The more we successfully argue for the basic right of association and the state is used to punish us for it, the more people will see the problems and take issue with it.

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  6. Bryan G. Stephens:
    What is black pilled?

    You know red pilled, becoming aware of the right side of the social divide?  Black pilled is when it’s taken to an extreme and becomes despair, feeling that there’s no path forward except possibly some form of drastic revolution or social overthrow.  Think of Denothor, the guy in Lord of the Rings who had the crystal ball and set himself on fire… he saw things which were true, but chose the path of despair instead of hope.

    Likewise when we talked about the Oakland Pothole Vigilantes.  I thought it was splendid that individuals were taking things into their own hands and not waiting for the government to fix itself.

    Robert’s response rather surprised me, and defines being black pilled in thinking we won’t be able to pull out of  our current situation without widespread, total societal collapse.  When you’ve given up on society and are stocking up on ammo awaiting its collapse, you’ve been black pilled!

    These cities–Oakland, San Fran, Chicago, etc.–the need to fail hard. Think Escape from New York meets Taxi Driver meets Mad Max. In fact, if  you want my opinion, that is what the entire country needs, something much worse that the Great Depression. The only risk there is that you will have the narrative being, and the morons, uh, the people believing that it is “capitalism’s” fault.

    Look Dom–can I call you Dom?–just stock up on ammo and wait patiently. Make some friends with plenty of land and learn how to hunt deer.

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  7. Bryan G. Stephens:
    What is black pilled?

    Oh, and urban dictionary a good definition.  There’s a third paragraph with a funny example for people without the highest standards of language and morals.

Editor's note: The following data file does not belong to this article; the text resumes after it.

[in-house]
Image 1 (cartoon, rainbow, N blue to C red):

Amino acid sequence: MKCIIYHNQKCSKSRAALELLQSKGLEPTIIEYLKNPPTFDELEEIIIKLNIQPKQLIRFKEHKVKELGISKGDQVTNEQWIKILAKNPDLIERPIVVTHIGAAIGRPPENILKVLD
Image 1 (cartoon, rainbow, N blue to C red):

https://www.urbandictionary.com/define.php?term=Black%20Pill

    Black Pill
    A catastrophic prophecy or spiritless prophesying for the future that is not necessarily grounded in reality. A red pill gone hopelessly bleak.
    John had swallowed too many red pills over the last few sleepless nights and tried to black pill me that the race war would be happening any day now.
    […]

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  8. Damocles:

    Bryan G. Stephens:
    What is black pilled?

    You know red pilled, becoming aware of the right side of the social divide?  Black pilled is when it’s taken to an extreme and becomes despair, feeling that there’s no path forward except possibly some form of drastic revolution or social overthrow.  Think of Denothor, the guy in Lord of the Rings who had the crystal ball and set himself on fire… he saw things which were true, but chose the path of despair instead of hope.

    Likewise when we talked about the Oakland Pothole Vigilantes.  I thought it was splendid that individuals were taking things into their own hands and not waiting for the government to fix itself.

    Robert’s response rather surprised me, and defines being black pilled in thinking we won’t be able to pull out of  our current situation without widespread, total societal collapse.  When you’ve given up on society and are stocking up on ammo awaiting its collapse, you’ve been black pilled!

    These cities–Oakland, San Fran, Chicago, etc.–the need to fail hard. Think Escape from New York meets Taxi Driver meets Mad Max. In fact, if  you want my opinion, that is what the entire country needs, something much worse that the Great Depression. The only risk there is that you will have the narrative being, and the morons, uh, the people believing that it is “capitalism’s” fault.

    Look Dom–can I call you Dom?–just stock up on ammo and wait patiently. Make some friends with plenty of land and learn how to hunt deer.

    Oh well in that regard, I suppose I have been black pilled then. I have never heard that term before so I just chalked it up to you not having any real substance to add to the conversation. But, as it stands now, there actually was something of substance, so I will address it.

    This of course deserves its own post, but in short, yes, societal collapse is precisely what is needed. The current situation has placed us in a position where we have not counter to the center, i.e., DC. “Conservatives” have long ago abandoned the States as a counter because they are so fearful of the dreaded “R” word that they pee themselves whenever anyone in their ranks raise the notion that the States have some role to play in our system. Since, there is no counter, the power has been sucked up by the bureaucracy in DC in terms of food, medicine, policing, and social norms. This is on top of the powers that were originally delegated to it by the Constitution, free trade among the States, foreign affairs, and war.